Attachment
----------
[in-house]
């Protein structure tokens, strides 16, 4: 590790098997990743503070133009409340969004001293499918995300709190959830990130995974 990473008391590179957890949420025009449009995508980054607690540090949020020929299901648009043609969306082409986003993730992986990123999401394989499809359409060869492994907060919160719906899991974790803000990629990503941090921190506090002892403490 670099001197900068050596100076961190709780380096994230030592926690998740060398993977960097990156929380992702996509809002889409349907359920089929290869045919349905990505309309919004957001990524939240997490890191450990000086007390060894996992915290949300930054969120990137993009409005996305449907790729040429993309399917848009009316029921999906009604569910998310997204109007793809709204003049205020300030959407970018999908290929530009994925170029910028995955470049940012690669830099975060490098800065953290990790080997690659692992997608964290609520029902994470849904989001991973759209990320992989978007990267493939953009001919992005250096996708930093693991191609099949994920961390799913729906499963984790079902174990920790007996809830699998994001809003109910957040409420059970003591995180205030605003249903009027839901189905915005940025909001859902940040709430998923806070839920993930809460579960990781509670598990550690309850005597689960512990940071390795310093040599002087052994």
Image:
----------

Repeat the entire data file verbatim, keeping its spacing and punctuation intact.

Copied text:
[in-house]
């Protein structure tokens, strides 16, 4: 590790098997990743503070133009409340969004001293499918995300709190959830990130995974 990473008391590179957890949420025009449009995508980054607690540090949020020929299901648009043609969306082409986003993730992986990123999401394989499809359409060869492994907060919160719906899991974790803000990629990503941090921190506090002892403490 670099001197900068050596100076961190709780380096994230030592926690998740060398993977960097990156929380992702996509809002889409349907359920089929290869045919349905990505309309919004957001990524939240997490890191450990000086007390060894996992915290949300930054969120990137993009409005996305449907790729040429993309399917848009009316029921999906009604569910998310997204109007793809709204003049205020300030959407970018999908290929530009994925170029910028995955470049940012690669830099975060490098800065953290990790080997690659692992997608964290609520029902994470849904989001991973759209990320992989978007990267493939953009001919992005250096996708930093693991191609099949994920961390799913729906499963984790079902174990920790007996809830699998994001809003109910957040409420059970003591995180205030605003249903009027839901189905915005940025909001859902940040709430998923806070839920993930809460579960990781509670598990550690309850005597689960512990940071390795310093040599002087052994």
Image: